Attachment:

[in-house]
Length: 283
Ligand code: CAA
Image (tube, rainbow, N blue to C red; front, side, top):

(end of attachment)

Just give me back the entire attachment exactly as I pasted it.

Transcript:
[in-house]
Length: 283
Ligand code: CAA
Image (tube, rainbow, N blue to C red; front, side, top):